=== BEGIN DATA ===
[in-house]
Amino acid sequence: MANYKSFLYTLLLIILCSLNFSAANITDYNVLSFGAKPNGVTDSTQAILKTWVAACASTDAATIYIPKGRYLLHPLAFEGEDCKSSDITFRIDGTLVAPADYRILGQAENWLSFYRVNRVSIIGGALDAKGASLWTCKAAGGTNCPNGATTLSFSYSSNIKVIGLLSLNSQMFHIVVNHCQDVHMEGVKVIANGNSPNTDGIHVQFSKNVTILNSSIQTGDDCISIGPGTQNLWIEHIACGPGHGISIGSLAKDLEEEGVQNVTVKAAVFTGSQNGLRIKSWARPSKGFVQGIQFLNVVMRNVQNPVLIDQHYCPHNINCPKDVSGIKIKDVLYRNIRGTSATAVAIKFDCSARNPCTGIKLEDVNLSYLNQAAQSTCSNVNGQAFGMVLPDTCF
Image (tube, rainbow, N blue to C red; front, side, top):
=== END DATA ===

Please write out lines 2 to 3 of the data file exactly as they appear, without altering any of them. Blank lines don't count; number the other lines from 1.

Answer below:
Amino acid sequence: MANYKSFLYTLLLIILCSLNFSAANITDYNVLSFGAKPNGVTDSTQAILKTWVAACASTDAATIYIPKGRYLLHPLAFEGEDCKSSDITFRIDGTLVAPADYRILGQAENWLSFYRVNRVSIIGGALDAKGASLWTCKAAGGTNCPNGATTLSFSYSSNIKVIGLLSLNSQMFHIVVNHCQDVHMEGVKVIANGNSPNTDGIHVQFSKNVTILNSSIQTGDDCISIGPGTQNLWIEHIACGPGHGISIGSLAKDLEEEGVQNVTVKAAVFTGSQNGLRIKSWARPSKGFVQGIQFLNVVMRNVQNPVLIDQHYCPHNINCPKDVSGIKIKDVLYRNIRGTSATAVAIKFDCSARNPCTGIKLEDVNLSYLNQAAQSTCSNVNGQAFGMVLPDTCF
Image (tube, rainbow, N blue to C red; front, side, top):